Veterans Affairs surpasses 70,000 total COVID-19 cases, nears 3,800 deaths as active cases surge

Coronavirus
Photo credit U.S. Navy photo by Mass Communication Specialist 2nd Class Alex Corona
By Connecting Vets

The Department of Veterans Affairs surpassed 70,000 total COVID-19 cases and is nearing 3,800 total deaths as active cases surge to 5,000 for the first time since early August.

Those grim milestones come just days after Dr. Anthony Fauci, director of the National Institute of Allergy and Infectious Diseases, told military and veteran caregivers at an annual Elizabeth Dole Foundation event that the United States may have a "very difficult fall and winter" because of the pandemic. 

VA's total case count now approaches the total number of cases in several states, such as Kansas (72,968) and Connecticut (64,455), according to the most recently available Centers for Disease Control and Prevention data.

Active cases at the department fell steadily for about two months before they began to rise again in late September. As of Oct. 22, cases had increased about 69% in the past month. 

The surge in active cases at VA echoes a similar increase in cases across the country. 

"Trends in new cases generally reflect what is going on in the country and local communities," VA Press Secretary Christina Noel said previously. 

Of VA's more than 70,000 cases, about 87% are considered convalescent, meaning they have either recovered or passed the 14-day mark since their last positive test. 

But VA's overall mortality rate of about 5.5% is still much higher than the overall American mortality rate of about 2.7%, according to CDC data. 

About 17 VA patients have died of COVID-19 daily since the first veteran death 7 months ago

VA recorded 3,783 total deaths, including 58 staff deaths from the coronavirus so far during the pandemic. Seven months since VA recorded its first veteran lost to the virus the department has averaged about 17 patient deaths per day, roughly equivalent to the rate of veteran suicide, according to VA data, which the president, lawmakers and advocates have all referred to as a "crisis" and a "top priority." 

So far in October, VA has recorded 347 patient deaths and two staff deaths. At that rate, the department could reach nearly 500 patient deaths by November. 

VA's mortality rate is influenced by the age and overall health of its patients, who tend to be older and less healthy than the overall American population. VA's data also includes its staff and some non-veteran patients the department has treated as part of its Fourth Mission. The department cares for a total of more than 9 million veterans, roughly half of the veterans in the United States. 

The number of patients at the department who require hospitalization has consistently fallen since a height of 38% in March, reaching about 13% in early October, Noel said. 

But those numbers also appear to be rising in recent weeks. In the latest of VA's weekly pandemic response reports for Oct. 13-19, the department recorded 445 COVID-19 inpatients, a nearly 30% increase over the past several weeks. 

Total cases among VA staff earlier this week surpassed 6,000, with 58 staff deaths attributed to the virus. Active cases are growing steadily among VA employees, too, rising about 16% in the last week. The department employs nearly 400,000 workers, adding more than 55,000 new hires, including 10,436 registered nurses and nurse practitioners during the pandemic.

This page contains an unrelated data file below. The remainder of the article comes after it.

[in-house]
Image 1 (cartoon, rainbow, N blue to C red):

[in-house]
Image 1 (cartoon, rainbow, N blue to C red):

The top 10 VA health systems with the most active cases are: Milwaukee (167); North Chicago (129); Minneapolis (105); Madison, Wisconsin (104); Dallas (99); Amarillo, Texas (96); Mountain Home, Tennessee (94); Muskogee, Oklahoma (90); and Columbia, South Carolina (86).  

The North Chicago VA Healthcare System has recorded nearly 2,000 confirmed COVID-19 cases during the pandemic. Of the 141 VA health systems the department is tracking in its publicly available data, at least 18 have recorded more than 1,000 confirmed cases, up from 17 last week.

The VA systems with the most deaths remain primarily areas hit hardest early in the pandemic, including New Jersey, New York, Boston, Texas Valley Coastal bend, Bronx, Phoenix, San Antonio, Cleveland and New Orleans. 

In August, VA Secretary Robert Wilkie echoed what Veterans Health Administration leaders had been saying for months -- the department was preparing for a potential second wave, or "boomerang" of the virus this fall and winter, stocking supplies and preparing for some patients who may have long recovery times.

VA recorded 820,709 total COVID-19 tests administered nationwide during the pandemic. That total number of tests does not reflect how many individual people have been tested at VA, but rather how many tests have been administered -- some people may receive multiple tests. In September, VA averaged about 4,790 COVID-19 tests per day. 

Some veterans have been more affected by COVID-19 than others.

Results of a VA study of more than a quarter of a million veterans released late last month showed that Black and Hispanic veterans are twice as likely as white veterans to test positive for the coronavirus at VA, indicating an "urgent need to proactively tailor strategies to contain and prevent further outbreaks in racial and ethnic minority communities," researchers said. 

Department data provided to Connecting Vets in July showed that Black and Hispanic veterans made up nearly half of all VA patients who had tested positive for the coronavirus, though they only comprise about 23% of all VA patients. 

Active COVID-19 up nearly 50% at Veterans Affairs since September as illness spikes again

Black, Hispanic veterans twice as likely as white vets to test positive for COVID-19, VA study finds

VA prepares for second COVID-19 wave, long coronavirus patient recovery times

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